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Federal Deposit Insurance Corporation Stresses Importance of Managing Commercial Real Estate Concentrations

FOR IMMEDIATE RELEASE
March 17, 2008
Media Contact:
Andrew Gray 202-898-7192

The Federal Deposit Insurance Corporation (FDIC) has issued a letter re-emphasizing the importance of strong capital and loan loss allowance levels, and robust credit risk-management practices for state nonmember institutions with significant concentrations of commercial real estate (CRE) loans, and construction and development loans. The Financial Institution Letter, Managing Commercial Real Estate Concentrations in a Challenging Environment, complements the principles articulated in the December 6, 2006, interagency statement titled Concentrations in Commercial Real Estate Lending, Sound Risk Management Practices.

FDIC Chairman Sheila C. Bair said, "Although commercial real estate lending can be a profitable business line for banks, it is a good time to re-emphasize the 2006 guidance because a number of banks have significant CRE concentrations, and the weakness in housing across the country may have an adverse effect on those institutions. Banks with CRE concentrations should take steps to strengthen their overall risk-management framework and maintain strong capital and loan loss allowances. We encourage institutions to continue making commercial real estate and construction and development loans available in their communities using prudent, time-tested lending standards that rely on strong underwriting and loan administration practices."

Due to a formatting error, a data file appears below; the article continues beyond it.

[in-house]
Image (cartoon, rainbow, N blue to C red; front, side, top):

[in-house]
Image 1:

The Letter recommends that state nonmember banks with significant CRE loan concentrations increase or maintain strong capital levels, ensure that loan loss allowances are appropriately strong, manage portfolios closely, maintain updated financial and analytical information, and bolster loan workout infrastructures.

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Congress created the Federal Deposit Insurance Corporation in 1933 to restore public confidence in the nation's banking system. The FDIC insures deposits at the nation's 8,534 banks and savings associations and it promotes the safety and soundness of these institutions by identifying, monitoring and addressing risks to which they are exposed. The FDIC receives no federal tax dollars - insured financial institutions fund its operations. PR-24-2008




Last Updated 3/17/2008 communications@fdic.gov